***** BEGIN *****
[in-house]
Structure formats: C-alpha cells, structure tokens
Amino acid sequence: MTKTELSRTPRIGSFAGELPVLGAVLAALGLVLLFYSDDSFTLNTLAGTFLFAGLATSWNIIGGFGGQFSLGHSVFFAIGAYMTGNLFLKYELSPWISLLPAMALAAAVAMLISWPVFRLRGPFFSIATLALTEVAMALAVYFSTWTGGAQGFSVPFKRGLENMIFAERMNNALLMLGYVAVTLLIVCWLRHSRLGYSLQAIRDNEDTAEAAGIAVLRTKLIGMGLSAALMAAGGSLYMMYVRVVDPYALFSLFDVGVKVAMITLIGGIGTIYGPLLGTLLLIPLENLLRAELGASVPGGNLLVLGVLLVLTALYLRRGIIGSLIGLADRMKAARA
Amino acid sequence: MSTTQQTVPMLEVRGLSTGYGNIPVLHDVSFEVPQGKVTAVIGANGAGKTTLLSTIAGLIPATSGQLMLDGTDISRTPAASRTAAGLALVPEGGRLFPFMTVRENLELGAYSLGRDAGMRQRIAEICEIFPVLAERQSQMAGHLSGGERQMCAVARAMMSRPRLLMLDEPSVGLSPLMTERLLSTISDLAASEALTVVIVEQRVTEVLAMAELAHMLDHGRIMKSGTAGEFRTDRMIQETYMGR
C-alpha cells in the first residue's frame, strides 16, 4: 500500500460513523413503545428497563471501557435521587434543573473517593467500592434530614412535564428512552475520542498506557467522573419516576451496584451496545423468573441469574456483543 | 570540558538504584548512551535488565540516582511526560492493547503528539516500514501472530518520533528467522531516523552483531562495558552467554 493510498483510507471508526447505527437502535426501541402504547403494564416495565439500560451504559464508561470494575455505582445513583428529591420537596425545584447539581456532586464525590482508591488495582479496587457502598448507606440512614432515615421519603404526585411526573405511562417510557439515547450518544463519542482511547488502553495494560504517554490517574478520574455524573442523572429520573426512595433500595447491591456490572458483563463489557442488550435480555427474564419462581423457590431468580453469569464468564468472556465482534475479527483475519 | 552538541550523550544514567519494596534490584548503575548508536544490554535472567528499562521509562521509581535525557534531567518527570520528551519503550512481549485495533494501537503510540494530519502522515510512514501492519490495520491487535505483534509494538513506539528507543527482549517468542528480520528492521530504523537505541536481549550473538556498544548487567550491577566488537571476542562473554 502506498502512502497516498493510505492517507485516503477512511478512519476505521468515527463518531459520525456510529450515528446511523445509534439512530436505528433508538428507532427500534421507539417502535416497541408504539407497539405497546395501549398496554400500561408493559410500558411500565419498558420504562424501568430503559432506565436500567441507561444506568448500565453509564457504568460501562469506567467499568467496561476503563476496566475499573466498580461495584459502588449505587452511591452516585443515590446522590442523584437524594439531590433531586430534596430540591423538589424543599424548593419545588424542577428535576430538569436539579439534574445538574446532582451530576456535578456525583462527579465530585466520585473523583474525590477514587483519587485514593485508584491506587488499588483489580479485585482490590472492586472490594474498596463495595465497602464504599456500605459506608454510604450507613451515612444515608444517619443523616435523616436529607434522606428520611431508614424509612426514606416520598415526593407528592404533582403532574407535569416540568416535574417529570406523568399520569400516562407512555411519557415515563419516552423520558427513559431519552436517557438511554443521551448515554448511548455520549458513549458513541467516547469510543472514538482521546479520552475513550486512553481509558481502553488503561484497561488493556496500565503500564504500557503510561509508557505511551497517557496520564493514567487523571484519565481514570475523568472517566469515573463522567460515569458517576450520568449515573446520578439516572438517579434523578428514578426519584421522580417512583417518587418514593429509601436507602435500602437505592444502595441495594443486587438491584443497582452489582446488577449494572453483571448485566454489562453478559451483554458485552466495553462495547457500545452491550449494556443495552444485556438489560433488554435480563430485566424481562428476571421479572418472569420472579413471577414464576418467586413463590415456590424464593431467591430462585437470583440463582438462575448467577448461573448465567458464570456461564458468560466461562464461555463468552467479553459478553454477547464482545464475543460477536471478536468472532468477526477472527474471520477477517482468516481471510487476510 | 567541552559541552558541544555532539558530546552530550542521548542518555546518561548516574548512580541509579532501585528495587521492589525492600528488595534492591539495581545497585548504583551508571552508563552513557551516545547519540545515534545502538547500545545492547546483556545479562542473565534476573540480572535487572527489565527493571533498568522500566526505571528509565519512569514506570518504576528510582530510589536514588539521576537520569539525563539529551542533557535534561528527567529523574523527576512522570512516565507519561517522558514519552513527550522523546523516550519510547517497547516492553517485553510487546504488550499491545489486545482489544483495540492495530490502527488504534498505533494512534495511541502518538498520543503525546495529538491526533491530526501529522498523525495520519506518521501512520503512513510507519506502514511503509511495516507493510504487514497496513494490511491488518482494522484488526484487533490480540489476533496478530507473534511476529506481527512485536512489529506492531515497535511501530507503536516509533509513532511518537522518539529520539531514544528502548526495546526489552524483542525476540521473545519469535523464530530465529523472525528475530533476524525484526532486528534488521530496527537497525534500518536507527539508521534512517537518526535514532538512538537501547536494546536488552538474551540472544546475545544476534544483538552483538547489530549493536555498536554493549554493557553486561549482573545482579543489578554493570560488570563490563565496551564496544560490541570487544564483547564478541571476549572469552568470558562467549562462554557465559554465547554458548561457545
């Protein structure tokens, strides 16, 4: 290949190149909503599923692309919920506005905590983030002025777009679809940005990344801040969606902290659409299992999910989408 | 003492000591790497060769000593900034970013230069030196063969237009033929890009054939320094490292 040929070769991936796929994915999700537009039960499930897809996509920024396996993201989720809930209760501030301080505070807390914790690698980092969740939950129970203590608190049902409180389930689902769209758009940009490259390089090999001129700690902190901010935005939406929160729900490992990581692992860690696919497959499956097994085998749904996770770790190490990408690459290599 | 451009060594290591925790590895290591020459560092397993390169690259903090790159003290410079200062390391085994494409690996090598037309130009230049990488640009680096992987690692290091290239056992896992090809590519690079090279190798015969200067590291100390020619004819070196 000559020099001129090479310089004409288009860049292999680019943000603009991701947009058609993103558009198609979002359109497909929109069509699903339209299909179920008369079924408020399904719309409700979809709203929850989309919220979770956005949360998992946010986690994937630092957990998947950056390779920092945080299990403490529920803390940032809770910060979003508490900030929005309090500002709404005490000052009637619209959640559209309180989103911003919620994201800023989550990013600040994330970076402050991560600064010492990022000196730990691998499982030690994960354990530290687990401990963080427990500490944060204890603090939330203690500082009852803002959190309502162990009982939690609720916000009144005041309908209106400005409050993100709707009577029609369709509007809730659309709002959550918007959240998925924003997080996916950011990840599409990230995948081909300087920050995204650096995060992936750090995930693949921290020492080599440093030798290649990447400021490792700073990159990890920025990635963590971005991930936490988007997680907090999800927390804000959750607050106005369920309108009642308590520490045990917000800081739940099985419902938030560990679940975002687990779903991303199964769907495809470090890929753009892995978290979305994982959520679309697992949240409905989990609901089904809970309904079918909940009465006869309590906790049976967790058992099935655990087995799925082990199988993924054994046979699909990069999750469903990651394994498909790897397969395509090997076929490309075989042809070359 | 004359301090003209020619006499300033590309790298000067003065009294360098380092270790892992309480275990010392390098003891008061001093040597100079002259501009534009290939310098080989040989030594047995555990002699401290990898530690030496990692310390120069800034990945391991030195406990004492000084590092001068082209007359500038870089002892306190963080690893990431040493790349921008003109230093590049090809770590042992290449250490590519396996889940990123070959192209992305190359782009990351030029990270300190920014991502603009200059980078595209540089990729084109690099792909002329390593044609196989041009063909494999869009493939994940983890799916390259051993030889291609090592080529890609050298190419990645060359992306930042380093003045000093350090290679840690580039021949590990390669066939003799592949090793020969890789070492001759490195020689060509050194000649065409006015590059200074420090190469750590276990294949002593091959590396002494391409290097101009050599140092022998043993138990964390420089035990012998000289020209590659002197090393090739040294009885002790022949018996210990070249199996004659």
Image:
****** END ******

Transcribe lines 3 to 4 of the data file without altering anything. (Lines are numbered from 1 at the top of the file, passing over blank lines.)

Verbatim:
Amino acid sequence: MTKTELSRTPRIGSFAGELPVLGAVLAALGLVLLFYSDDSFTLNTLAGTFLFAGLATSWNIIGGFGGQFSLGHSVFFAIGAYMTGNLFLKYELSPWISLLPAMALAAAVAMLISWPVFRLRGPFFSIATLALTEVAMALAVYFSTWTGGAQGFSVPFKRGLENMIFAERMNNALLMLGYVAVTLLIVCWLRHSRLGYSLQAIRDNEDTAEAAGIAVLRTKLIGMGLSAALMAAGGSLYMMYVRVVDPYALFSLFDVGVKVAMITLIGGIGTIYGPLLGTLLLIPLENLLRAELGASVPGGNLLVLGVLLVLTALYLRRGIIGSLIGLADRMKAARA
Amino acid sequence: MSTTQQTVPMLEVRGLSTGYGNIPVLHDVSFEVPQGKVTAVIGANGAGKTTLLSTIAGLIPATSGQLMLDGTDISRTPAASRTAAGLALVPEGGRLFPFMTVRENLELGAYSLGRDAGMRQRIAEICEIFPVLAERQSQMAGHLSGGERQMCAVARAMMSRPRLLMLDEPSVGLSPLMTERLLSTISDLAASEALTVVIVEQRVTEVLAMAELAHMLDHGRIMKSGTAGEFRTDRMIQETYMGR